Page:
Anzac centenary organisers walk in PC minefield

The report said centenary planners did not know what recently arrived Australians thought of the idea, and there was concern about how to involve and include “non-Anglo” groups, especially those who were once enemies.

The centenary of Anzac Day is fast-approaching.

The 21st century is closing in on Australian authorities planning the centenary of Anzac Day.

Researchers have warned that celebrations could cause divisions within the nation’s multicultural society, upset former enemies and inflame tensions if the nation was embroiled in an unpopular war in April 2015.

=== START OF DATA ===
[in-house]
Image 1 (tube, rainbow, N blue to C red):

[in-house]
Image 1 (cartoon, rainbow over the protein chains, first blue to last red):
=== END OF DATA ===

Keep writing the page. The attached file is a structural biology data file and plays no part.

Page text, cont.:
On the other hand, many Australians would be incensed if the celebrations were watered down to satisfy political correctness, failed to respect past traditions, or were diminished by gambling and boozing “like Australia Day”, focus groups told social researcher Colmar Brunton.

The company was hired by the Veterans Affairs Department to judge attitudes to the centenary, which is being planned by a federal commission that has already presented the Government with a range of recommendations.

“Commemorating our military history in a multicultural society is something of a double-edged sword,” the Colmar Brunton report said.

“While 100th anniversaries are thought to provide some opportunity for creating a greater sense of unity, it is also recognised as a potential area of divisiveness.”


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